USFA Releases New Year's Holiday Fires Report

Author: USFA

WASHINGTON D.C. - The Department of Homeland Security's Federal Emergency Management Agency (FEMA) has issued a special report, part of its Topical Fire Research Series, examining the incidence of New Year's Holiday Fires. The report was developed by the National Fire Data Center, part of FEMA's U.S. Fire Administration. This report examines the patterns and characteristics of fires that occurred during the 2001 and 2002 New Year's holidays, and compares those characteristics with average fire patterns during comparable winter days and throughout the rest of the year.

"As heating demands, fireplace usage, wood stove usage and holiday lighting increase throughout America, additional fire safety precautions should be taken to ensure a safe holiday season," said Michael D. Brown, Under Secretary of the U.S. Department of Homeland Security for Emergency Preparedness and Response.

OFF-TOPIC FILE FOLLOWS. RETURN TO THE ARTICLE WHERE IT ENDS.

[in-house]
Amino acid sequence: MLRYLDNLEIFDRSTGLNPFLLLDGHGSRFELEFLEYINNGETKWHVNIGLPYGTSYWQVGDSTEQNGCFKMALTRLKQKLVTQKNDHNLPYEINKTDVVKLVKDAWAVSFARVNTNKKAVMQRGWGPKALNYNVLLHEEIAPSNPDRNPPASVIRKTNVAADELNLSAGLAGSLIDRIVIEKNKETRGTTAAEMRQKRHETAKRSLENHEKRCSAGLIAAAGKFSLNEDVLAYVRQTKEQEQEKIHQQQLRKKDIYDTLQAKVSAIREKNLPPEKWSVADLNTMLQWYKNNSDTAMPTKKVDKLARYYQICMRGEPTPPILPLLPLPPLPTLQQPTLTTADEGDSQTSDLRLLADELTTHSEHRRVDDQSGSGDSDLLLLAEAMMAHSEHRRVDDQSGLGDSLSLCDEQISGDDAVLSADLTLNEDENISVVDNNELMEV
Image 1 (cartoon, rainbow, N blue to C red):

According to the report, approximately 6,400 fires in the United States occurred during the average New Year's holiday, causing an estimated $53 million in property damage. Nearly 28% of New Year's outdoor fires were caused by fireworks.

"With the holidays fast approaching, it is important for all Americans to take those steps necessary to prevent these holiday fires," according to U.S. Fire Administrator R. David Paulison. "Following local fire department recommendations and common fire safety procedures related to home fire safety, fireworks and outdoor fires will help to make this holiday a safe one for all residents." A copy of the full report can be downloaded from:

On March 1, 2003, FEMA became part of the U.S. Department of Homeland Security. FEMA's continuing mission within the new department is to lead the effort to prepare the nation for all hazards and effectively manage federal response and recovery efforts following any national incident. FEMA also initiates proactive mitigation activities, trains first responders, and manages the National Flood Insurance Program and the U.S. Fire Administration.